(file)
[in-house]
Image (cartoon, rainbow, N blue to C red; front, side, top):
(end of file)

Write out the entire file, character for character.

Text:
[in-house]
Image (cartoon, rainbow, N blue to C red; front, side, top):